Let’s be perfectly clear about this: If the man coaching the Knicks this year was a first-time leap-of-faith hatched out of Leon Rose’s imagination — a longtime assistant, or a college coach making the leap — and the Knicks had played out this season exactly the same way, then the griddle under his seat would be up near scalding.
And should be.
Let’s be even more clear: Tom Thibodeau has not done a good job this year. That is borne out simply by a record that sits at 25-33, and subtly by the in-game breakdowns he’s had across the past week, and maddeningly — to a lot of vocal Knicks fans — by his chronic stubbornness, whether with his sub patterns or his inability to coax the Knicks into longer stretches of competitive basketball.
If this was his debut season, the skids would already be greased.
It’s been that bad.
But Thibodeau is no rookie. We have seen his work before. We saw what he did in Chicago, even after he lost Derrick Rose. We saw what he was building in Minnesota before that ran off the rails. Coaches of all philosophies and generations praise him voluminously. And, of course, we saw what he did last year with the Knicks.
And that’s the key point here. We have a body of work with Thibodeau, one that has twice yielded Coach of the Year trophies, most recently for the 2020-21 Knicks. And you don’t have to worry that it was all a 72-game figment of your imagination. He had a team of grinders that bought in, completely, to what he was selling. Julius Randle and RJ Barrett took huge leaps forward on his watch. The city fell in love with the Knicks all over again.
You didn’t hallucinate that. It happened.
And for that — and perhaps that alone — any thought the Knicks might have of terminating their relationship with Thibodeau is premature at best, reckless at worst.
Has Thibodeau honored his hardware from last year? He hasn’t, and even he has copped to that. After botching the replay rule and costing his team a necessary timeout Monday night against Oklahoma City — a Coaching 101 foul-up of the highest order — he admitted: “I just lost my train of thought there for a second.” Barrett was hurt in the dying seconds of garbage time of a lost-cause game; that’s Coaching 102.
Look, even the most successful coaches and managers do puzzling things sometimes. Joe Torre famously refused to order his players to bunt in Game 6 of the ALCS even as the world saw the blood oozing from Curt Schilling’s sock. Thirty years later, you want to know the easiest way to set Rick Pitino off? Ask him if he should’ve guarded the inbounds pass in the 1992 East Regional Final against Duke. Bill Parcells once called for a halfback-option at the goal line with the Jets’ playoff hopes hanging in the balance.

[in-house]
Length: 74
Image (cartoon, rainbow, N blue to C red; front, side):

And, by the way, went 6-10 with the 2004 Cowboys, a year after going 10-6 with them. He was 63 that year, and bounced back with winning seasons his last two years as a coach. Thibodeau is 64. Whatever the germ of the problems with this year’s Knicks may be, you can make book on this: Thibodeau hasn’t suddenly forgotten how to coach. Perhaps he needs to look in the mirror and ask himself if he’s able to make changes, hard changes, and adapt. But you have to believe a fierce competitor like Thibodeau has already started thinking about that.
The Knicks waited more than 20 years to locate a voice of competence that wanted to be here, and Thibodeau couldn’t have been better his first year. The sophomore slump is on him, yes, but also on a thick ensemble of co-conspirators. There is Leon Rose, who assembled a roster that, even early, seemed to run counter to Thibodeau’s strengths. There have been sinking performances across the board led by Randle, despite his latest renaissance. There were the two key summer acquisitions, Evan Fournier and Kemba Walker, who look like April Fools’ Day transactions more than the Fourth of July.
It’s not like you look at the Knicks and ask: What the hell happened?
It’s been on display every night. It’s right there, in living color, if you can stomach the carnage. If the Knicks’ coach was a flailing rookie he probably might already be gone, and the Knicks would try to find a coach with a proven track record. Someone who looks an awful lot like Tom Thibodeau.
Or at least the version we used to know.